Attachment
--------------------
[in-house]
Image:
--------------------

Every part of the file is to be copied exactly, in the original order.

[in-house]
Image: